It was $3,500 Nickie Struthers couldn't afford -- but desperate to stave off foreclosure, the 45-year-old and her fiance, Dr. Dan Howard, a surgeon, scribbled their signatures on the check they thought would yield salvation.
She handed the check to someone she'd done business with in the past, a mortgage broker-turned-foreclosure rescuer. But months went by, and the broker seemed to disappear. He had promised to modify her loan, she said, "but he wouldn't take our phone calls, e-mails, nothing. I never thought this would happen."
Struthers, of Bradenton, Fla., a Tampa exurb that, like many Sun Belt communities has seen home prices soar, then sink, may be among an estimated tens of thousands of Americans apparently duped into either signing checks or signing over their homes to potential foreclosure fraudsters -- though in Struthers' and Howard's case, the man they dealt with insisted to ABC News that he is not a scammer.
ABC News has obtained documents from the state of Florida attorney general's office indicating an exponential rise in complaints, from nine in November 2008 to 227 this month alone. New data from the California attorney general's office show a 26-fold increase in complaints from this time last year.
"Anytime the federal government puts federal relief funds available, we find there's a percentage of that money that will succumb to fraud activity," said Sharon Ormsby, the FBI's chief financial investigator, in a telephone interview.
The FBI has set up 35 task forces in its regional offices around the country to battle mortgage fraud.
But the number of Americans defrauded is soon likely to be too overwhelming for any agency to process, said Angie Moreschi of the Consumer Warning Network, a consumer watchdog group.
"You've got that $75 billion out there in housing aid, and that's going to bring the scam artists out of the woodwork," she said. "They are going to be like piranha circling the kill."
And the pool of potential prey -- families facing foreclosure -- could swell to 3 million, and those underwater could be double that, according to RealtyTrac.
In some cases, said Moreschi, the shady mortgage brokers who hawked those unaffordable mortgages are the same people offering to help them modify their loans and stay afloat.
Struthers said she felt she was in good hands: Her broker helped her with a loan a few years ago. And Struthers, a former mortgage broker herself, felt comfortable with him.
"He wasn't some guy off the yellow pages," she said. "I trusted him."
She admitted that the Bradenton McMansion she and her fiance purchased at the peak of the market in the summer of 2005 was overpriced, and that they were underfunded.
Shuffling through her papers, Struthers said her neighbor's home recently sold for half the purchase price of their home, $817,000. Her home is now worth $465,000, she estimated, and she and Howard owe more than $800,000 on it.
She was desperate and now believes she's been had, partly because the bank that holds her mortgage, Wachovia, told her it never heard of the man to whom she gave her money -- despite what she described as bank letters he gave her indicating he was working with the bank to modify her mortgage.
She reported her experience to a private group that documents complaints about potential foreclosure swindles, which alerted ABC News of her case.
But the man who admits he accepted Struthers' check, Chris Campbell of the company Lionstar LLP, insisted he is not a scammer. Rather, he said he believes he may have been scammed by a subcontractor to which he passed along the money, which in turn was supposed to deal with Wachovia.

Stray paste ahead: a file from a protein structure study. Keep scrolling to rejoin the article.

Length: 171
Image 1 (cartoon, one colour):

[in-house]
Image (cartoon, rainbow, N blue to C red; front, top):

He said he went into a deep depression after believing he'd lost his clients' money, and that's why he did not answer their calls.
But he claimed he is working to find a way to refund Struthers' and Howard's money.
"I think they deserve their money back and I will try to make it up to them," Campbell said. "I'm not a con artist. I'm just a former mortgage guy. I tried to find an alternative for them. It backfired on me."
The FBI has identified three basic scams.
In "phantom help," supposed mortgage rescuers make off with cash meant to rework a mortgage.
The "bailout scam" entails homeowners surrendering a house title to a con artist on the promise that they can stay on as renters and, once the mortgage fees are "fixed," repurchase their home.
In the "bait and switch," scammers dupe homeowners into signing what they think is a new loan but, in truth, are forged documents ceding their house to the crooks.
"It's pandemic" said Steve Dibert, president of MFI-Miami, a firm that conducts forensic mortgage audits and fraud investigations.
Dibert estimated that up to 250,000 people have been scammed. The FBI did not confirm those numbers but noted that the numbers of scams and scam artists is booming.
According to the attorney general's offices in states like California and Florida, the fraudsters operate all over the country. At least one firm being sued by California, First Gov, is based in Mexico, according to court papers.
To avoid being scammed, the Consumer Warning Network advises consumers to avoid paying for services up front.
The FBI's Orsmby warns "an attorney or someone from the banking community who is willing to look over the material must be present, because the amount of money at stake, should this turn into a scam, is huge for the potential victim."
Though hopelessly in debt, Struthers believes she's hit a lucky streak. Wachovia, which owns her mortgage, issued a letter of default more than six months ago. Foreclosure loomed. But then, in a hearing, the bank said it had misplaced the original promissory note. And then the bank went strangely silent and the letters stopped.
"We're hoping to stay in this house a little bit longer," said Struthers, who, herself, is now applying for jobs in loan modification.